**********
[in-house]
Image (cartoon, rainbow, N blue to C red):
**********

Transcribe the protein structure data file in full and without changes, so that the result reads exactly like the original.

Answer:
[in-house]
Image (cartoon, rainbow, N blue to C red):